For the athletes reading this whether you’re a cyclist, runner, skier, when was the last time you completed one maximal to exhaustion effort from 30 second to 5 minutes long? If the answer is “I can’t remember” or “never that sounds awful”. Then you may be missing some puzzle pieces.
This mental skill should be included and practiced at several times and over different duration's throughout the training season. The ability for an athlete to go right to their physical limit over a somewhat fixed duration or a fixed distance is something I sometimes see lacking in athletes and training programs.
After a few decades in sport I believe it can be the most important skill to posses when it comes to competition and it can be improved with deliberate efforts targeting a variety of time frames. All things being equal the athlete who can dig the deepest and empty the tank at the line has a good chance of coming out on top.
I emphasize different duration's or lengths because athletes who do one set testing protocol will become accustomed to that duration. An example being a cyclist only doing a 20 or 30 minute FTP test. That protocol may work well for setting training levels around threshold. A one minute all out effort to exhaustion feels drastically different. And extend that out to 4 or 5 minutes and it again is a much different “feel”. And knowing what those each feel like can help when it comes to pacing such as an attack or driving a break in a road race, or pacing a solo effort in a cross or mountain bike race.
There can also be some confusion between one maximal effort and difficult high intensity interval session. Typically, an interval session will always include some sort of pacing even if subconsciously. If I ask an athlete to do 7 x 3 minutes on, 3 minutes off. And ask that they all be maximal efforts, 9/10 athletes will still pace them to a degree. Now ask the athlete to warmup well and conduct 1 x 3 minute all out effort hopefully that athlete, with practice, will perform a higher intensity effort. That could be measured by power or even by distance. Over time an athlete will be able to intuitively pace their race efforts more effectively. That one all out effort also provides a good benchmark to work backwards from for designing interval workouts. If an athlete can do 400 watts for 3 minutes once. That can be reduced 5-10% and for a nice repeatable target to work towards.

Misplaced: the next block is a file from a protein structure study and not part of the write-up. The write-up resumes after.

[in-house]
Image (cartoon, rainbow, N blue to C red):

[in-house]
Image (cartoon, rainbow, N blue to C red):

Another route to take for a little extra motivation is to pick a few short Strava or Zwift segments to go after. This gives you a set distance and an approximate time. A great option for someone who may not be quite as structured with their training.
Another benefit to these maximal efforts is getting a nice power profile built which can provide more insights into an athlete’s abilities and limiters with different energy systems. Which I feel is also often lacking in many online (not all) programs as they tend to base everything off aerobic tests. But I’ll leave that as a topic for another post.
Now for the warning, do not do a max effort on every ride or workout! Space them out well and variety is good. 1 maximal effort every 14-20 days is a good start during your late base period and build periods. And if you’re under doctors orders to avoid efforts like this or have any health concerns that may be a reason to omit these and seek more personal advice.
random ramblings from the corner